|Born||in Brooklyn, New York, USA|
|Died||in Los Angeles, California, USA (homicide)|
|Birth Name||Christopher George Letore Wallace|
The King of New York
The Black Frank White
|Height||6' 2¾" (1.9 m)|
Mini Bio (1)
Christopher Wallace, a.k.a. Biggie Smalls, was born on May 21, 1972 in Brooklyn, New York. He was the son of Jamaican parents, Voletta Wallace, a pre-school teacher, and George Latore, a welder and small-time politician. He was raised in the poor Brooklyn neighborhood of Bedford-Stuyvesant. Dropping out of high school at the age of seventeen, Biggie became a crack dealer, which he proclaimed was his only source of income. Hustlin' one's way was a common life for a young Black man trying to make a living in the ghetto. His career choices involved certain risks. However, a trip to North Carolina for a routine drug exchange ended being the soon-to-be MC a nine-month stay behind bars. Once released, Biggie borrowed a friend's four-track tape recorder and laid down some hip-hop tracks in a basement. The tapes were then passed around and played at local radio station in New York.
Not extremely attractive, Wallace named himself Biggie, for his weight. Biggie was a Black man who was overweight, extremely dark skinned, and had a crook in his eye, yet he was a charmer. A young impresario and sometime producer by the name of Sean Combs heard Biggie's early tapes. Impressed, Puffy went to sign Biggie to his new label, Bad Boy Records.
Puffy and Biggie worked on the artist's first album, and the Notorious B.I.G. was born. Biggie was first heard on a remix of a Mary J. Blige song and a track on the Who's the Man? (1991) soundtrack. After these successes, the album worked on earlier went through its final touches and was released in 1994, titled "Ready to Die." The record was certified platinum quickly, and the Notorious B.I.G. was named MC of the Year at the 1995 Billboard Music Awards. After the quick success of the album, Biggie went back to get his friends, some who didn't even rhyme. He had several run-ins with the law, on charges that ranged from beatings, to drugs and to weapons, while all claimed that Biggie was a gentle person. He soon met a rapper from the west coast named Tupac Shakur, and the two became friends.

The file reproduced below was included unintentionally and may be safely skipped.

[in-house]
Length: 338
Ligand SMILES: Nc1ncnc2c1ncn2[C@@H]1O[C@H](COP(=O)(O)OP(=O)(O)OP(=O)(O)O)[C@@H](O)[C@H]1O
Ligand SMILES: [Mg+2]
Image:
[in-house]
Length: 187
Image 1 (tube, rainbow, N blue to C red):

Tupac supported Biggie and was often giving him advice. However, their friendship turned into the most violent era of hip-hop music on November 30, 1994. While Biggie and Puffy were at a recording session at Quad Recording Studios in Manhattan, Tupac went there to record with another rapper for his third studio album, "Me Against The World" at the same time, but in the lobby, Tupac was held at gunpoint and robbed of $40,000 worth of jewelry. Tupac was shot five times. Biggie rushed down just in time to see Tupac being loaded into an ambulance. Extending a middle finger, Pac blamed Biggie for the shooting and said that Biggie knew about it and failed to warn him. This sparked the East Coast, West Coast rivalry. Tupac later recovered from his injuries. During this encounter, Biggie admitted that he was scared for his life. Biggie never responded to any of Tupac's disses. Tupac attacked Biggie in every way he could, even starting strong rumors that there was a love affair between Tupac and Biggie's wife, Faith Evans.
Later, The entire country became divided into two groups, the west side and the east side, which became Death Row Records versus Bad Boy Records, Marion 'Suge' Knight versus Puff Daddy, and Tupac versus Biggie. The two of them finally met again late in 1995, and Tupac secretly said to Biggie, "I'm just tryin' to sell some records." Unfortunately, it became very real when on September 7, 1996, Tupac was shot four times in a drive-by shooting off the Las Vegas strip after he left a fight he was involved in inside of the MGM Grand Hotel after a Mike Tyson boxing match. He died six days later on September 13, 1996 as a result of those gunshot wounds at the age of 25. The case is still unsolved. Biggie was scared for his life, but he wanted to put an end to the rivalry between the two coasts. Biggie went to the west coast for several events, to support for his next release album, "Life After Death," but also to make a statement that the rivalry was over. On March 7, 1997, he attended the Soul Train Music Awards and went to the after party hosted by Vibe magazine and Qwest Records on March 8. On March 9, Biggie was sitting in an SUV on the street when he was shot multiple times by an unknown assailant. He died almost instantly. Hip-Hop faced its greatest tragedy when both Tupac Shakur and The Notorious B.I.G. were killed. Biggie was only 24 years old.
- IMDb Mini Biography By: Rod Reece
|Faith Evans||(4 August 1994 - 9 March 1997) ( his death) ( 1 child)|